But calendars of Khan's first seven weeks at the commission, obtained by The Technology 202, show meetings with friends and foes, as well as experts in civil rights and Section 230 policy. While it's not clear whether every call and meeting took place as planned, taken as a whole, the schedule offers insight into Khan's priorities as she settles into her role, and it provides hints about the agency’s potential future targets. The FTC declined to comment.
In all, Khan scheduled meetings and calls with more than a dozen lawmakers — seven Democrats and six Republicans — in her first 45 days.
Khan’s meetings outside of government included confabs with Color of Change President Rashad Robinson — a civil rights activist and frequent critic of the ways technology companies’ policies on misinformation and hate speech impact communities of color — and Olivier Sylvain, a communication law scholar at the Fordham University School of Law.
Sylvain is an expert on the Section 230 liability shield, which gives Internet platforms protection from liability for what their users say online.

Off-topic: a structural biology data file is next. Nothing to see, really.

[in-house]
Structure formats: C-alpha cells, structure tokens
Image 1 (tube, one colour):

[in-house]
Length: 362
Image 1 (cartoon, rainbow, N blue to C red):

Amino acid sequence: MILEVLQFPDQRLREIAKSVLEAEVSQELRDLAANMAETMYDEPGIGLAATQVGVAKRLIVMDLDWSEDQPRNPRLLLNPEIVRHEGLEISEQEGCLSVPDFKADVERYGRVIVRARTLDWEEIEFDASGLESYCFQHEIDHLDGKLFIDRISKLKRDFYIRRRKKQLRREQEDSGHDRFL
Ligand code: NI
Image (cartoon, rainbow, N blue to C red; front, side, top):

Section 230 has hampered the commission’s ability to oversee the technology sector, FTC Commissioner Rohit Chopra said at a July hearing, just two days before Khan’s scheduled meeting with Sylvain. Color of Change and Sylvain did not respond to requests for comment.
Foes and allies
Sen. Mike Lee (R-Utah), a Libertarian-leaning Republican who is Khan’s most vocal opponent, told her in a July 27 letter that recent developments at the commission under her leadership amounted to a “progressive putsch.”
Khan and Lee were scheduled to speak by phone just two days later, according to the calendars. Lee’s office did not respond to a request for comment.
Khan has spoken with prominent Republicans like Rep. Ken Buck (R-Colo.), the top Republican on the House Judiciary antitrust subcommittee; Sen. Roger Wicker (R-Miss.), the top Republican on the Senate Commerce Committee; and Rep. Cathy McMorris Rodgers (R-Wash.), the top Republican on the House Energy and Commerce Committee.
Two days after their scheduled meeting on July 26, McMorris Rodgers criticized Khan’s leadership at the FTC as an attempt to “consolidate power in order to pursue an agenda that will completely reshape our economy.”
Contacts with oppositional lawmakers are not unusual, according to William Kovacic, a former FTC chairman.
“It's a lot better to hear them out, especially if they have problems or concerns, than to ignore them,” he said.